Saturday, 14 February 2015

Perth Festival's The Giants and a Carnamah connection!

The major attraction of this year's Perth International Arts Festival is The Giants, who launched the festival on 13 February and continued to wow Perth crowds over the following weekend. A large part of the story behind the little girl giant is the teenage life of Fay Howe, who resided with her father Robert Wilkinson Howe on Breaksea Island off the coast of Albany.

Inspiring the Little Girl Giant: Breaksea Island's Lighthouse Girl 
by Karla Arnall of ABC Great Southern WA

"Fay Howe was 15 years old at the outset of World War I. Living with her lighthouse keeper father on the remote Breaksea Island, the young girl began responding to signals sent by soldiers onboard ships bound for Gallipoli and Egypt. Fay relayed semaphore messages to their loved ones via telegram and received their postcards from the frontline. She is regarded as one of the last points of contact with Australia for many who did not return. 

Fay's story was unveiled by Albany author, Dianne Wolfer, in her 2009 book Lighthouse Girl, which imagines her existence on the island. The narrative struck a chord with Royal De Luxe company director, Jean-Luc Courcoult, who visited Albany in 2014 looking for inspiration to tour his Giants." 

[Full article at]

Carnamah connections!

Fay's father Robert and stepmother Emily both resided in Carnamah, years later in 1942, when the world was in its second global conflict. After retiring from lighthouse keeping, they had shifted to Perth but fled north to Carnamah when Darwin was bombed by the Japanese.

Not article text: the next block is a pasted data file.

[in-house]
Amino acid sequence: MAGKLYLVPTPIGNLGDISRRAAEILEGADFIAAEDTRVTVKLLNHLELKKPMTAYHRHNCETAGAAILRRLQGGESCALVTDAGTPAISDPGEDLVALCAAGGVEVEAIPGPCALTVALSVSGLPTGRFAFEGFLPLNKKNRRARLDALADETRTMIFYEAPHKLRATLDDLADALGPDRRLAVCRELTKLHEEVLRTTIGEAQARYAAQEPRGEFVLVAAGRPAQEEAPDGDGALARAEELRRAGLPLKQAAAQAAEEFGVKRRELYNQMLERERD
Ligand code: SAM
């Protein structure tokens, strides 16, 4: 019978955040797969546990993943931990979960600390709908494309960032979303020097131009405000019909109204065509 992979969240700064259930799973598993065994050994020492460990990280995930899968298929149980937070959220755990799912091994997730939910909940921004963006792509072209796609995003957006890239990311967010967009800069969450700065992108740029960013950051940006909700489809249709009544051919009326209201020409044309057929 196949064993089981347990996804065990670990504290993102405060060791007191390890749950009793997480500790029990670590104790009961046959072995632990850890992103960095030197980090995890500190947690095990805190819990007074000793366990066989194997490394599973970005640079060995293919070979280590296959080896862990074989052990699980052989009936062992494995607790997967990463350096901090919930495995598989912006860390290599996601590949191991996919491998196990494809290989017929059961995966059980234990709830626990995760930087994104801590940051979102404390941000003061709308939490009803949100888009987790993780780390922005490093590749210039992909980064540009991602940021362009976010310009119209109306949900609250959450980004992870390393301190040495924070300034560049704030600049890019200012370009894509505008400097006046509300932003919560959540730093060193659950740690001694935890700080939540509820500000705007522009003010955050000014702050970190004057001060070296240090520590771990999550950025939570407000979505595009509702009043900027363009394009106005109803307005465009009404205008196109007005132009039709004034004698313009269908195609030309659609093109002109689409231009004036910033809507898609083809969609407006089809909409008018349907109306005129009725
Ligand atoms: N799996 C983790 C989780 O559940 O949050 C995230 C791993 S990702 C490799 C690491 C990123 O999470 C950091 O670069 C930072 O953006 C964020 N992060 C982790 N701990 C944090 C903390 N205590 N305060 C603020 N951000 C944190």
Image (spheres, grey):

Fay's stepbrother Ned Wells ran the Wells & Wells Pyramid Tea & Dining Rooms in Carnamah for many years - a building that is now our museum!


Tracy Willet said...

What a great story and interesting connection! I remember as a little girl of about 5 years old going into this tea room to purchase some lollies after Sunday School. I can still see the counter and all the table and chairs. I also remember seeing an older lady, must have been Mrs Wells, with a little dog outside the house that was connected to the tea rooms. There was a small grassed area alongside the fence line. I have not thought about that in years.

Andrew Bowman-Bright said...

Thanks Tracy! The tearoom was run by Ned and Peg Wells until 1960 and then had a series of different proprietors. If you haven't seen it already, there is a virtual exhibition on the tearooms at